Monday, December 15, 2014

Accountability and School Choice: Let's Begin

Because accountability - for both private schools participating in one of Wisconsin's three school choice programs will be an issue in the coming legislative session - we at the Wisconsin Institute for Law & Liberty released the first of what we expect to be a series of reports on the issue.

The first report is descriptive and is called, not surprisingly, "Let's Begin by Understanding Where We Are." The report describes and comments upon state accountability measures applicable in the choice and public sectors. It concludes that it is simply not possible to claim that the state holds public schools to a greater measure of accountability than private schools participating in the choice program or vice versa. (We do note, however, that accountability measures for schools in the choice program appear to be more immediate and the consequences more onerous.)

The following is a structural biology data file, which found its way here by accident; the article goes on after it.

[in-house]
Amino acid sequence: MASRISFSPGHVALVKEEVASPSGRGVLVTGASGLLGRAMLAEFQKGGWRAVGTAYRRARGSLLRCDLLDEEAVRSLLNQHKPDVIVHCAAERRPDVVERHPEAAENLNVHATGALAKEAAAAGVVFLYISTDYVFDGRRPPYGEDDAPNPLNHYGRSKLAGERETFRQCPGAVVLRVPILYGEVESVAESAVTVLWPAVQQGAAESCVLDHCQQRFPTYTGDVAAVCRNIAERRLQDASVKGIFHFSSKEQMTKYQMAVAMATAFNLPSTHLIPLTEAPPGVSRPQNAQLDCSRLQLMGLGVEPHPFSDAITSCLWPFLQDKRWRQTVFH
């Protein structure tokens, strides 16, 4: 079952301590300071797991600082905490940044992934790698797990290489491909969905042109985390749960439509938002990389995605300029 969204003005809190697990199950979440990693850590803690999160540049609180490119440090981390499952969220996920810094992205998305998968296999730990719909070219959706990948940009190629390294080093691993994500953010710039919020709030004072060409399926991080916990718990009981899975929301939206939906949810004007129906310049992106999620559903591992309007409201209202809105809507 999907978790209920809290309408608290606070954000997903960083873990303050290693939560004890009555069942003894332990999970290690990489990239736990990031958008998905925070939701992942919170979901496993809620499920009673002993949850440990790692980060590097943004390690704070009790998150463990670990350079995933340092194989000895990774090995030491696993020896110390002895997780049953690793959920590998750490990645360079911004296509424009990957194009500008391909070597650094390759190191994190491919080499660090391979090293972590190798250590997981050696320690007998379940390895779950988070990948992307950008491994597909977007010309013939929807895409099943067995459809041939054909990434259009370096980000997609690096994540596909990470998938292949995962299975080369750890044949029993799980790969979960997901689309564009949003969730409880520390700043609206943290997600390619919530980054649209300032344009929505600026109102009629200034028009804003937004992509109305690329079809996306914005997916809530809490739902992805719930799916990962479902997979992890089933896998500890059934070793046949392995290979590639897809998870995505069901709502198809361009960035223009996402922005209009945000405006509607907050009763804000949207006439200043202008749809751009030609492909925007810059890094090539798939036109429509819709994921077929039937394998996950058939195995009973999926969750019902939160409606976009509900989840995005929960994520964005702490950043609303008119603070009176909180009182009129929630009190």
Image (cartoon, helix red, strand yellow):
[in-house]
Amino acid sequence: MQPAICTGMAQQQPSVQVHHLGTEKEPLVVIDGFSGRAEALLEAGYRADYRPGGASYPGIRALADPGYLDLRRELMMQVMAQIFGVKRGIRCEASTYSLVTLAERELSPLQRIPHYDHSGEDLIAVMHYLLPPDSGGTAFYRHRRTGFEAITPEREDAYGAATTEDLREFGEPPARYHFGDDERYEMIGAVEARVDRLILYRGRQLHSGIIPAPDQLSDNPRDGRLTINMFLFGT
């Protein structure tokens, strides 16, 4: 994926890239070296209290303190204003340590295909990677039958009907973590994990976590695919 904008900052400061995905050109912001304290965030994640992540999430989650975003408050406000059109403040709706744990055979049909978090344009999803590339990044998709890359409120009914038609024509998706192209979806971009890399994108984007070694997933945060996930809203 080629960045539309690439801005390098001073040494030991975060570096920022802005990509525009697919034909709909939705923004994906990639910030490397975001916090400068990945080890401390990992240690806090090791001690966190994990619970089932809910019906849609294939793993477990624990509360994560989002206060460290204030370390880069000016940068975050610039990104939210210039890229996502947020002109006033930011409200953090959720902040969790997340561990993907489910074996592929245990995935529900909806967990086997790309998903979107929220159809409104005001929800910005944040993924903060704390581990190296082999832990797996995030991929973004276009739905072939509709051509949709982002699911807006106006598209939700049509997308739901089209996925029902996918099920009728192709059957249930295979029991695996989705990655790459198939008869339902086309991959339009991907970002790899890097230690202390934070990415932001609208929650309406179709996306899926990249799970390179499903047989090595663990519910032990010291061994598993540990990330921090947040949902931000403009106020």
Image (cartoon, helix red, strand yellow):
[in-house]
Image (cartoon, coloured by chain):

We do not claim that the accountability measures imposed on the schools in the choice program are "too strict." We did note that, "whatever one might think of the adequacy of these standards," the DPI's interpretation of them seems to be, in certain respects, more aggressive than state law provides. These issues relate not to the standard themselves, but to requirements that a single standard be chosen at the beginning of the school year and that DPI policy seems to rule out the exercise of statutorily mandated discretion in it s enforcements.

But we take no position in this report as to what the accountability standards should be. Our report was descriptive and comparative, not normative.

There is a reason for that and it goes back to the title of the report. We do not expect the standards to remain the same. We anticipate a robust debate about what they should be in which we expect to participate. But, as that debate begins, we thought it important to draw attention to what the standards are and to address, in part, the common argument that public schools are held accountable in a way that choice schools are not.

The recent story regarding the Ceria M. Travis Academy illustrates this. I - and WILL - are not familiar with the school and, for that reason, take no position on its recent difficulties. But however poorly the Travis Academy may be faring, it is hardly the only failing school in the city of Milwaukee. It is being held accountable. Are failing MPS schools - and there are plenty - facing the same consequences?

Cross posted at Purple Wisconsin.

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